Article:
Guard mail. Consider using a locked mailbox or slot to receive mail at home. Deposit mail in postal mailboxes or in the post office to discourage mail theft.

Keep your eye on the prize. Try not to let waiters, sales clerks, or gas-station attendants disappear from view with your credit or debit card, to avoid “skimming.” Crooks can use a handheld card reader to copy the information from your car’s magnetic strip.

Beware of strange ATMs. Avoid using private or strange-looking automated teller machines, because they may be rigged to skim data off your card’s magnetic strip. Six or seven character PINs are harder to crack than shorter ones, but you may not be able to use them at machines abroad.

No surfing allowed. Watch out for “shoulder surfers” when using pay phones or public Internet access; use your free hand to shield the keypad. Don’t use cordless phones to conduct sensitive financial or medical business, because eavesdroppers on other phones and those using eavesdropping equipment may be able to overhear your conversations.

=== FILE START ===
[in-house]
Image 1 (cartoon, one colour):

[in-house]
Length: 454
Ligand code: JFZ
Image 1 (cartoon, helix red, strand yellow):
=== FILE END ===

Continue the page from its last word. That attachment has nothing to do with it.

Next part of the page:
Build a wall. Install firewalls and virus detection software on your home computers to discourage hackers.

Log off. Quit your browser and log off after using public Internet-access computers in libraries, Internet cafes, and the like. Don’t pay bills, bank, or conduct other financial transactions on public computers. If you have a high-speed Internet connection at home, unplug the computer’s cable or phone line when you are not using it to discourage hackers.

Deal only with reputable Websites. Check privacy and security policies of Web sites before making purchases, trading stocks, or banking online. A professional-looking Web site is no guarantee of security. Don’t respond to unsolicited e-mail requests for personal information.

Get complicated. Consider password-protecting all your bank and brokerage accounts. Create passwords at least eight characters long.

Check your workplace. Ask how your employer safeguards employee records. Request that Social Security numbers not be used as employee numbers.

This page was compiled by the Amherst Police Department.